Monday, June 25, 2007

My big sister Barbara in happier times.

1954- May 11, 2007
Rest in the loving arms of the Lord.

May was a tough month.
As a boomer, I’ve long believed that there is a song for every occasion. Here are two.

Mary Chapin Carpenter: My Heaven

Nothing shatters nothing breaks
Nothing hurts and nothing aches
We got ourselves one helluva place
in my heaven.
No one's lost and no one's missing
No more partings just hugs and kissing
And all these stars are just for wishing, in my heaven.
There's neighbors, thieves and long lost lovers
villains, poets, kings and mothers
Up here we forgive each other, in my heaven.
For every soul that's down there waiting,holding on, still hesitating
We say a prayer of levitating, in my heaven.
You can look back on your life and lot
But it can't matter what you're not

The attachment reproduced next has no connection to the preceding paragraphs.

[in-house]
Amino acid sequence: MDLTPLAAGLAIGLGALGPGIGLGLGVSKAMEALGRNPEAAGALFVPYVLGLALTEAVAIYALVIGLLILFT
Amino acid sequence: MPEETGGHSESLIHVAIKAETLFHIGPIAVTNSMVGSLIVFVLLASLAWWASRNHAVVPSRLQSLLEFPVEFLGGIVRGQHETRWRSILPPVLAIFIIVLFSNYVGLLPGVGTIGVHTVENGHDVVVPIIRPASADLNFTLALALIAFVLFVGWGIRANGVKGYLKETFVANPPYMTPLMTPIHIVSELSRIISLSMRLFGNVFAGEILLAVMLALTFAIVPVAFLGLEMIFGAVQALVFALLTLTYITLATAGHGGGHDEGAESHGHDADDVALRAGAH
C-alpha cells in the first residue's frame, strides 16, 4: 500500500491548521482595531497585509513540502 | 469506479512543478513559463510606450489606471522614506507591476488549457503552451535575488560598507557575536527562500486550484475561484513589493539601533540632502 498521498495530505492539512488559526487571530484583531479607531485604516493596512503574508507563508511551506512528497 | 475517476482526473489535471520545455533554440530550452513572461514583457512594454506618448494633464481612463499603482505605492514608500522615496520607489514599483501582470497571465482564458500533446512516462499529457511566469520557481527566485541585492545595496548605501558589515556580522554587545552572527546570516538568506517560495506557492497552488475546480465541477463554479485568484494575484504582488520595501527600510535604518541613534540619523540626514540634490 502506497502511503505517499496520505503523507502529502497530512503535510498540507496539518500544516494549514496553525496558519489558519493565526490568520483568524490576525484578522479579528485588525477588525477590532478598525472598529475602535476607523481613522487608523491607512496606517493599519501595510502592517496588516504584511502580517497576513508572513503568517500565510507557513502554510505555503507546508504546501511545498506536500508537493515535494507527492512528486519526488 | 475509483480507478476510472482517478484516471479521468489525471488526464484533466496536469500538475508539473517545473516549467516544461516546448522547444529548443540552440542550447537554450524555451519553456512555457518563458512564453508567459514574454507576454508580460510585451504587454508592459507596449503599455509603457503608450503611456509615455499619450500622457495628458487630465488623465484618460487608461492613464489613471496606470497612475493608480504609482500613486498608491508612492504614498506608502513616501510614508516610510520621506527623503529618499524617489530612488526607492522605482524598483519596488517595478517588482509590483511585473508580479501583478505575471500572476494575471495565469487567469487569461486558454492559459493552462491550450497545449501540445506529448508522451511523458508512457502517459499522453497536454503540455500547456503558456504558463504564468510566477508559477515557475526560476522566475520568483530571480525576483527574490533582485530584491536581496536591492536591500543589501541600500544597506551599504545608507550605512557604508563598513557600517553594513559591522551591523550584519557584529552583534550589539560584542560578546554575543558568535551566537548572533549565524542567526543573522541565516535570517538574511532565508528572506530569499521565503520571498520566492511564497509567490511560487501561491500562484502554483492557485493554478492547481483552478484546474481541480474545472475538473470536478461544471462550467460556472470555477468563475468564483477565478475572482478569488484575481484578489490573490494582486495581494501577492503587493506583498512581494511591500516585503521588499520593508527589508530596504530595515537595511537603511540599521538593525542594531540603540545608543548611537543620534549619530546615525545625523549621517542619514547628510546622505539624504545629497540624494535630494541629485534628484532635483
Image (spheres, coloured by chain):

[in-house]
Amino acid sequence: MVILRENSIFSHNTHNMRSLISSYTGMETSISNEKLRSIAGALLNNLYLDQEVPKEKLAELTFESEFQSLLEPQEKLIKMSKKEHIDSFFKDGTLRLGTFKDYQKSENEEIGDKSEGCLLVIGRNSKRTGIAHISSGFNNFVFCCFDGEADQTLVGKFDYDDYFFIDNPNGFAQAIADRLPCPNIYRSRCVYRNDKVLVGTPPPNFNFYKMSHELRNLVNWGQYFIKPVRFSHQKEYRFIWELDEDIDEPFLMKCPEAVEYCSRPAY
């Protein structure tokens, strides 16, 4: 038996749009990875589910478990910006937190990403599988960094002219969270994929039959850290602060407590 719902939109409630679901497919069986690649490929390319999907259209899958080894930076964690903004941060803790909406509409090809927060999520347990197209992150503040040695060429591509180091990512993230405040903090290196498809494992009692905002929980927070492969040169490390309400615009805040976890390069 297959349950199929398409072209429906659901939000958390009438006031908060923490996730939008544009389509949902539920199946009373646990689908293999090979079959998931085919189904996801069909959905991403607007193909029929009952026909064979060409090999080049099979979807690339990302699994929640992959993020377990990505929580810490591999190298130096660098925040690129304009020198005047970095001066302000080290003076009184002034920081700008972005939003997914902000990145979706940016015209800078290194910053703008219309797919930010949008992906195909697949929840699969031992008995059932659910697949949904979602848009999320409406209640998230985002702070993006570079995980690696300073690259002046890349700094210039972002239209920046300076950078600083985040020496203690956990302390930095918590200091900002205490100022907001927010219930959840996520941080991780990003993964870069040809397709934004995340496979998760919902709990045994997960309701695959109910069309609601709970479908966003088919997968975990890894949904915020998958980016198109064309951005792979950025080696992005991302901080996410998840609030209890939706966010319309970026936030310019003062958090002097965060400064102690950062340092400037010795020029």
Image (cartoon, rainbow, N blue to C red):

By the time you're here, we're all we've got
In my heaven.

And Lyle Lovett: Last of the Family Reserve:
When I saw the ambulance screaming down Main Street
I didn’t give it a thought
It was my uncle Eugene
He died on October the second, nineteen eighty one

And there are more I remember
And more I could mention
Than I could ever write in a song
But I feel them watching
And I see them laughing
And I hear them singing along

And we’re all gonna be here forever
So mama don’t you make such a stir
Just put down that camera
And come on and join up
The last of the family reserve

Jim Moran and earmark reform

My Congressman, Jim Moran, was asked at a District meeting earlier this spring if he would support earmark reform in the new Congress. He replied that he was proud of the funds he brings to northern Virginia.
Apparently not that proud. Via Winds of Change comes a report that Anderson Cooper had his interns ask all the members of Congress to list their earmarks.

Moran declined.

Friday, June 1, 2007

An arrest in Hit

Michael Yon reports on the Coaliton arrest of Iraqi police general Ibrahim Hamid Jaza in Hit. Yon's report, like everything he writes, is a great story.
All I can add is that I have met LTC Crissman; I worked for several years with his father Cris, a retired Army engineer. LTC Crissman's actions on duty are amazing; but knowing the family, not surprising.
As Yon puts it, "you don't abuse people."

Thaks Doug, for all that you and your men and women do.